Meet the healthcare dream teams that need your vote in The Sun's Who Cares Wins Awards

HERE’S your chance to pick your dream team in our Who Cares Wins Awards.

Nominations for our gongs have closed – and readers now have the chance to vote for the nation’s most amazing healthcare heroes.

This year we are inviting YOU to judge our Best Team category.

The award honours any NHS or healthcare team that has gone above and beyond the call of duty.

The winners will be presented with the gong at our glittering awards ceremony in London, hosted by Davina McCall and screened by Channel 4 next month.

To vote for your favourite team, visit
Catriona Graffius, Lynsey Hope and Clare O’Reilly showcase our three brilliant finalists.

'Incredible team is unlike any other. They have become family'

Ward 3B, Royal Hospital For Children in Glasgow

AT just 18 months old, Aria ­Gowran has braved more surgery than most will face in a lifetime.

Diagnosed with a rare liver ­condition soon after her birth, the youngster has spent almost all her short life in hospital.

Having arrived four weeks early on January 20, 2020, Aria struggled with high jaundice levels.

At just two weeks old, the tot was rushed from hospital in ­Glasgow to a specialist centre in Leeds for two emergency ­operations for biliary atresia, a potentially life-threatening condition which blocks the tubes ­carrying bile from the liver.

And at seven months, Aria ­survived an ­emergency liver ­transplant, with her 22-year-old mum Autumn Cayzer donating part of her own.

As Aria’s continuing health issues have kept her in ­hospital, the nurses at Ward 3B in ­Glasgow’s Royal Hospital for Children have cared for and nurtured the youngster — looking after not only her medical care but also encouraging her early years development.

The team have also supported Autumn and her partner Ryan Gowran, 29, both from Clydebank, Glasgow, every step of the way.

The couple have had to balance looking after their son Edan, two, and managing Aria’s health amid the pandemic.

Now they have paid tribute to the incredible team and ­nominated them for one of The Sun’s Who Cares Wins Awards.

Ryan says: “The team on 3B is unlike any other. They have become family and have given Aria an unforgettable first 18 months. The amount of care they do, not just for her but for myself, Autumn and Edan as a family unit, is incredible.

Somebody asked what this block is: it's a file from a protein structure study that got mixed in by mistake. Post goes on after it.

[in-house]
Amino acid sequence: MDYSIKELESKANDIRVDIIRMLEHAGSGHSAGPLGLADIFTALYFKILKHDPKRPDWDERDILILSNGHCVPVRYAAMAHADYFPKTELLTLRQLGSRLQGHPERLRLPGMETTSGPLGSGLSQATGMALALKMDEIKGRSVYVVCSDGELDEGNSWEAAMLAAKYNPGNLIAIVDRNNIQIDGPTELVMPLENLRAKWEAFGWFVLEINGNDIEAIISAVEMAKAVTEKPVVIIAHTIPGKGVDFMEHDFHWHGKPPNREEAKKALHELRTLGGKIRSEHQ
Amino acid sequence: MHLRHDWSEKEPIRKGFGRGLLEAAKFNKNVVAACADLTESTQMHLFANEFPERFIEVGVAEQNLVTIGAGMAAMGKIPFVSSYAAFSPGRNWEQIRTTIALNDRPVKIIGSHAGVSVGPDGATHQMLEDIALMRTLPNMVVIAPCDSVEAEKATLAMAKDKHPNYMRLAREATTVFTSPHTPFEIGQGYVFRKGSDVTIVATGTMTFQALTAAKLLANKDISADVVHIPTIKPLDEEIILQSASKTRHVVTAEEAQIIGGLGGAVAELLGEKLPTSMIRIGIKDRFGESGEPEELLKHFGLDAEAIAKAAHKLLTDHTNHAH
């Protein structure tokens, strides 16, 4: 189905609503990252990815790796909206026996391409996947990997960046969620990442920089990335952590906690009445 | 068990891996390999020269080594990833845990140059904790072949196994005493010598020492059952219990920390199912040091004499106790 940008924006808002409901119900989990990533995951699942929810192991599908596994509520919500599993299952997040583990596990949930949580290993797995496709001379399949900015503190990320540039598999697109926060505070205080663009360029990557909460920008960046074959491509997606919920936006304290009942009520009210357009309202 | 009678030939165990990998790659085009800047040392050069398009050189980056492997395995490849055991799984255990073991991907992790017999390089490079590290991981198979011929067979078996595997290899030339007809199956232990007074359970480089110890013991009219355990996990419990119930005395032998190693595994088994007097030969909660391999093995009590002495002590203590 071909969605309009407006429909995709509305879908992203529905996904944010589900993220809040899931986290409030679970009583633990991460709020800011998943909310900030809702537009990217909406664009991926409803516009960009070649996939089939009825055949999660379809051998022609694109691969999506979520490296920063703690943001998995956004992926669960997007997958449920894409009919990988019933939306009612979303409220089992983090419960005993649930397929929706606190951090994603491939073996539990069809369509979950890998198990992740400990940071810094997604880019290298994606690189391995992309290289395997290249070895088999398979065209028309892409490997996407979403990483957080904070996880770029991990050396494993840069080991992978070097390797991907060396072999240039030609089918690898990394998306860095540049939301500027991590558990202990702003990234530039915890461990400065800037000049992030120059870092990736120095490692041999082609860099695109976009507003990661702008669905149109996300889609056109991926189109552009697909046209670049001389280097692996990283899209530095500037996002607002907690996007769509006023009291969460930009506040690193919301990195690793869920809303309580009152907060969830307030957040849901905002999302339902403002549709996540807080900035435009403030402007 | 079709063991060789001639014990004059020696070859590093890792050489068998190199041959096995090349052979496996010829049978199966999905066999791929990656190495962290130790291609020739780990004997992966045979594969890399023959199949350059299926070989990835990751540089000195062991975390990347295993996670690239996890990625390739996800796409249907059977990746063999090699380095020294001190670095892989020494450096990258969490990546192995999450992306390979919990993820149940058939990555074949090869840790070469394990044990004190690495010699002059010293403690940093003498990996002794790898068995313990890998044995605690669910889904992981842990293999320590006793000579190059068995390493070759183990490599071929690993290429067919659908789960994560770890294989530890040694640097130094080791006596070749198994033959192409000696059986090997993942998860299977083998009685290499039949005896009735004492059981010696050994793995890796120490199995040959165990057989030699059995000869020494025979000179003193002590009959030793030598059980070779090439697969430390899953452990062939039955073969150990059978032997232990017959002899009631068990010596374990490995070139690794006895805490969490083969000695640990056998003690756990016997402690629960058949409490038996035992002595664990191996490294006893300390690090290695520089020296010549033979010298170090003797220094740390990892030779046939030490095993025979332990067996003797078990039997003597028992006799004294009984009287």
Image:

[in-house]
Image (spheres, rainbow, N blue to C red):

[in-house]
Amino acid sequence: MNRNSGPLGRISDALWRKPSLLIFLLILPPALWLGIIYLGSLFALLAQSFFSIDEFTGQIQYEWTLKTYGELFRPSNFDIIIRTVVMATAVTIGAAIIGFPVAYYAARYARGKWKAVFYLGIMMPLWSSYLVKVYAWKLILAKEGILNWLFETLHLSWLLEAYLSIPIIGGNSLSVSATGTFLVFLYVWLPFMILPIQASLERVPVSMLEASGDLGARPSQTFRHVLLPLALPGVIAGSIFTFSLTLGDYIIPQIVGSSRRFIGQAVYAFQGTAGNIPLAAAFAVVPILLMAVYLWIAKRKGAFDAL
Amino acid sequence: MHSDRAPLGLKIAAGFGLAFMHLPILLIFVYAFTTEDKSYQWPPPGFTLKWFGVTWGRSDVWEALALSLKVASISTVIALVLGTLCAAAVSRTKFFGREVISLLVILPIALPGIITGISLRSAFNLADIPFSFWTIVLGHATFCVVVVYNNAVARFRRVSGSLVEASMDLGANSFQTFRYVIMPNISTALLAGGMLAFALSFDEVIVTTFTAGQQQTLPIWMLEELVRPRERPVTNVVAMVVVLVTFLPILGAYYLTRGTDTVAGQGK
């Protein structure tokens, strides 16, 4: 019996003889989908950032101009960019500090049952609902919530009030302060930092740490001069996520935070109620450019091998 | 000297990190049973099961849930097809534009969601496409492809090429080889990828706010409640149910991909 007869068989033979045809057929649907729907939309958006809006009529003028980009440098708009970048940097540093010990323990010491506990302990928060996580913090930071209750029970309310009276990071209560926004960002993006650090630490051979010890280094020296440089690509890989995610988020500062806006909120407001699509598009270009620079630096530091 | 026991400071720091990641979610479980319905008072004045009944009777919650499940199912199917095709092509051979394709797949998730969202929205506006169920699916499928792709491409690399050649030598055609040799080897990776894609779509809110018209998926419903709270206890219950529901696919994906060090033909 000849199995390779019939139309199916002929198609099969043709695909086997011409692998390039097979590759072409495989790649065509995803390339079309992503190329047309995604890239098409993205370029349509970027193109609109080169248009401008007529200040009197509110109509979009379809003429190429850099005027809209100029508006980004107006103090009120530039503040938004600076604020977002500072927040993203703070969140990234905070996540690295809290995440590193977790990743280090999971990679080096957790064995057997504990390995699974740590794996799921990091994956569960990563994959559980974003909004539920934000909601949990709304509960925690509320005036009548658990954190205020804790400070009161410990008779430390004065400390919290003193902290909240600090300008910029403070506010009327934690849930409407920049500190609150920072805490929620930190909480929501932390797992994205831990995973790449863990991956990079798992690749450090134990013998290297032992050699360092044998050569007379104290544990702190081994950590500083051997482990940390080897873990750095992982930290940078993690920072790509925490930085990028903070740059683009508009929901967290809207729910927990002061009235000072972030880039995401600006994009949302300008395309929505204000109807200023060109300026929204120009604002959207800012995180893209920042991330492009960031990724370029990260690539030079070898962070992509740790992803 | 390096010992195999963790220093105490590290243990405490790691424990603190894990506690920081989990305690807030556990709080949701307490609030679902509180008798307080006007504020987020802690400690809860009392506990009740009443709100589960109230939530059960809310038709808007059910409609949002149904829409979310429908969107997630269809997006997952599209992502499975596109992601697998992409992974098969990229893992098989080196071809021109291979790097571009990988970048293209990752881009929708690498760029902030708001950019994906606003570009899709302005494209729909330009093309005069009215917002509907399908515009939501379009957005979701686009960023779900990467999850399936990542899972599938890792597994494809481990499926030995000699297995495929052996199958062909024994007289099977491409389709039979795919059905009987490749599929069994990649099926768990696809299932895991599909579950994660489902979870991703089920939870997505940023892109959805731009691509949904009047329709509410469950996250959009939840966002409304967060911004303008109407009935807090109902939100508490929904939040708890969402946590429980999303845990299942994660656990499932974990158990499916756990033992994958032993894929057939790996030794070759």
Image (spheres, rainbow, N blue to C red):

“They don’t just worry about the patient, they worry about the family in the background. Along with the team in Leeds, they have saved our baby’s life on more than one occasion.

“We nominated Ward 3B because we feel the Who Cares Wins Awards would be the biggest way to show our thanks for all the help they have provided over the last year.”


Acting senior charge nurse ­Jennifer Woods, 29, was deeply humbled by the nomination.

She says: “Aria has become part of the Ward 3B family. For her short life, she’s actually spent very little of it at home.

“She has such a bond with us — everybody loves Aria. It’s just nice to see we’ve actually got her to this place because there have been lots of times when we’ve thought she would not have made it to this point.

“We care for Aria and love her to pieces but we never really think about what we do

“So it’s nice to be recognised for the care. And it’s nice to know we are appreciated by Ryan and Autumn.”

'Medics saved my life – I will never be able to repay them'

North Devon District Hospital ICU

FALLING ill with Covid as the pandemic first struck the country in March 2020, Mandy Mitchell’s chances of survival did not look good.

With the virus ravaging her body, she was put in an induced coma, given a tracheotomy and placed on a mechanical ventilator in North Devon Hospital’s ICU.

She had three fingers ­amputated due to Covid-related circulation problems and medics warned her family to fear the worst.

But Mandy, 60, pulled through, thanks to the ­dedication of the intensive care team.

Staff even kept a diary for her, filling in the blanks of the 96 days she spent in the Barnstable hospital.

Mandy, a former phlebotomist [an expert in taking blood] said: “I have no recollection of the period in the coma, but every day doctors and nurses wrote me notes telling me I was doing great, that I was a fighter and could get better. It means the world to me.”


At first, Mandy and her husband Kevin, 66, thought they had flu when they fell ill.

Kevin recovered after a week, but Mandy’s fever hit 39.4C and she started coughing up blood.

On March 22, she became the hospital’s first Covid patient.

Dr Emma Fisher, the ICU doctor on duty, feared Mandy’s prognosis was not good. She recalls: “When Mandy came in, her ­chance of survival was 50-50.